Last week, I had the opportunity co-host a webinar with Forrester analyst, Brian Hopkins. During the talk we discussed the challenges organizations face when looking to bring Hadoop to the enterprise, and explored some useful techniques that can be used to simplify the process. To summarize, we presented three central questions that need to be answered when looking to adopt Hadoop:
What is the business value of Hadoop?
From Forrester research, Brian pointed out that 60% of organizations surveyed pointed to increasing revenues and improving customer experience as their strategic business initiatives within the next twelve months. It should follow suit then, that when looking to get your business excited about the potential of a new technology such as Hadoop, it’s important to tie the impact directly to these business initiatives. Doing so will increase the likelihood that you can attach to a problem area that is of high importance to the business, and subsequently have better chance of getting buy-in from across multiple stakeholders.
For my part, I pointed out that it’s also important to recognize that not all organizations are created equally, and that in some circumstances the business opportunity lies elsewhere. Looking across the Cloudera customer base, we generally see business opportunity falling into one of three categories:
- Customer and channel: how can we optimize customer interactions across channels so as to maximize revenue potential and create the best customer experience?
- Product and services: how can we streamline operations, assess product consumption in real time, and drive the most efficient business processes possible?
- Security, risk and compliance: how can we securely meet risk and compliance policies, while upholding the core ethics and governance values of our business?
How do we make Hadoop a business strategy?
Brian then went on to discuss explore the idea of focusing on the business priority, with recommendations for how to spot those critical IT projects that are being delivered in conjunction with the business transformation your organization looks to deliver. Brian suggested that the Hadoop agenda is driving too heavily by IT today and that a better balance needs to be struck whereby business becomes a central part of the decision.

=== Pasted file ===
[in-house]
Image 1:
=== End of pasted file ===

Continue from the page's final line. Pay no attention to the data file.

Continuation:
Similar to what we discussed in the first section, the key here is to look for business value, only do so in such a way that it is quantifiable. Understanding how we can drive improved marketing conversion through a better use of data, and further understanding how that improvement impacts revenues is a key step in getting the business to sit up and pay attention. Simply put, find ways to put the impact in the terms that your business stakeholders live day in and day out and that they can relate to. By talking about how a new technology such as Hadoop can impact your business’ customer 360 or fraud strategy you’re more likely to gain acceptance of the need for a new approach.
How does one implement Hadoop strategically?
Finally, we discussed some ideas on taking a strategic approach to the actual deployment of Hadoop within your organization. I discussed how a crawl, walk, run approach is appropriate so as not to bite off more than your IT team can chew. Cloudera customers that deploy Cloudera Enterprise as an enterprise data hub have done just that, and tell us it’s a key component to near term wins and long term success with any Hadoop deployment. The approach requires taking into consideration:
- The data team: successful big data projects include representatives from IT, data and business
- Adopting an agile approach: successful big data projects break the process down into simple steps of collecting, creating and managing; data discovery and exploration; and, operationalizing analytics
- Iterating for success: adapting to any ongoing business changes, as they occur
I hope you find these three recommendations useful for navigating deployment of Hadoop in your business. If you missed it, a replay of the webinar is available on cloudera.com.